IN a large and pleasant garden sat little Annie all alone, and she seemed very sad, for drops that were not dew fell fast upon the flowers beside her, who looked wonderingly up, and bent still nearer, as if they longed to cheer and comfort her. The warm wind lifted up her shining hair and softly kissed her cheek, while the sunbeams, looking most kindly in her face, made little rainbows in her tears, and lingered lovingly about her. But Annie paid no heed to sun, or wind, or flower; still the bright tears fell, and she forgot all but her sorrow.
"Little Annie, tell me why you weep," said a low voice in her ear; and, looking up, the child beheld a little figure standing on a vine-leaf at her side; a lovely face smiled on her, from amid bright locks of hair, and shining wings were folded on a white and glittering robe, that fluttered in the wind.
"Who are you, lovely little thing?" cried Annie, smiling through her tears.
"I am a Fairy, little child, and am come to help and comfort you; now tell me why you weep, and let me be your friend," replied the spirit, as she smiled more kindly still on Annie's wondering face.
"And are you really, then, a little Elf, such as I read of in my fairy books? Do you ride on butterflies, sleep in flower-cups, and live among the clouds?"
"Yes, all these things I do, and many stranger still, that all your fairy books can never tell; but now, dear Annie," said the Fairy, bending nearer, "tell me why I found no sunshine on your face; why are these great drops shining on the flowers, and why do you sit alone when BIRD and BEE are calling you to play?"
"Ah, you will not love me any more if I should tell you all," said Annie, while the tears began to fall again; "I am not happy, for I am not good; how shall I learn to be a patient, gentle child? good little Fairy, will you teach me how?"
"Gladly will I aid you, Annie, and if you truly wish to be a happy child, you first must learn to conquer many passions that you cherish now, and make your heart a home for gentle feelings and happy thoughts; the task is hard, but I will give this fairy flower to help and counsel you. Bend hither, that I may place it in your breast; no hand can take it hence, till I unsay the spell that holds it there."
As thus she spoke, the Elf took from her bosom a graceful flower, whose snow-white leaves shone with a strange, soft light. "This is a fairy flower," said the Elf, "invisible to every eye save yours; now listen while I tell its power, Annie. When your heart is filled with loving thoughts, when some kindly deed has been done, some duty well performed, then from the flower there will arise the sweetest, softest fragrance, to reward and gladden you. But when an unkind word is on your lips, when a selfish, angry feeling rises in your heart, or an unkind, cruel deed is to be done, then will you hear the soft, low chime of the flower-bell; listen to its warning, let the word remain unspoken, the deed undone, and in the quiet joy of your own heart, and the magic perfume of your bosom flower, you will find a sweet reward."
"O kind and generous Fairy, how can I ever thank you for this lovely gift!" cried Annie. "I will be true, and listen to my little bell whenever it may ring. But shall I never see YOU more? Ah! if you would only stay with me, I should indeed be good."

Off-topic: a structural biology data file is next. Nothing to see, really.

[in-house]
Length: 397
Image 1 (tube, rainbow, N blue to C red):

"I cannot stay now, little Annie," said the Elf, "but when another Spring comes round, I shall be here again, to see how well the fairy gift has done its work. And now farewell, dear child; be faithful to yourself, and the magic flower will never fade."
Then the gentle Fairy folded her little arms around Annie's neck, laid a soft kiss on her cheek, and, spreading wide her shining wings, flew singing up among the white clouds floating in the sky.
And little Annie sat among her flowers, and watched with wondering joy the fairy blossom shining on her breast.
The pleasant days of Spring and Summer passed away, and in little Annie's garden Autumn flowers were blooming everywhere, with each day's sun and dew growing still more beautiful and bright; but the fairy flower, that should have been the loveliest of all, hung pale and drooping on little Annie's bosom; its fragrance seemed quite gone, and the clear, low music of its warning chime rang often in her ear.
When first the Fairy placed it there, she had been pleased with her new gift, and for a while obeyed the fairy bell, and often tried to win some fragrance from the flower, by kind and pleasant words and actions; then, as the Fairy said, she found a sweet reward in the strange, soft perfume of the magic blossom, as it shone upon her breast; but selfish thoughts would come to tempt her, she would yield, and unkind words fell from her lips; and then the flower drooped pale and scentless, the fairy bell rang mournfully, Annie would forget her better resolutions, and be again a selfish, wilful little child.
At last she tried no longer, but grew angry with the faithful flower, and would have torn it from her breast; but the fairy spell still held it fast, and all her angry words but made it ring a louder, sadder peal. Then she paid no heed to the silvery music sounding in her ear, and each day grew still more unhappy, discontented, and unkind; so, when the Autumn days came round, she was no better for the gentle Fairy's gift, and longed for Spring, that it might be returned; for now the constant echo of the mournful music made her very sad.
One sunny morning, when the fresh, cool Winds were blowing, and not a cloud was in the sky, little Annie walked among her flowers, looking carefully into each, hoping thus to find the Fairy, who alone could take the magic blossom from her breast. But she lifted up their drooping leaves, peeped into their dewy cups in vain; no little Elf lay hidden there, and she turned sadly from them all, saying, "I will go out into the fields and woods, and seek her there. I will not listen to this tiresome music more, nor wear this withered flower longer." So out into the fields she went, where the long grass rustled as she passed, and timid birds looked at her from their nests; where lovely wild-flowers nodded in the wind, and opened wide their fragrant leaves, to welcome in the murmuring bees, while butterflies, like winged flowers, danced and glittered in the sun.